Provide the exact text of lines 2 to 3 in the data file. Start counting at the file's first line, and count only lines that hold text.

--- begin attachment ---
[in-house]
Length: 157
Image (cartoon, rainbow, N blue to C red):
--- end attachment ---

Length: 157
Image (cartoon, rainbow, N blue to C red):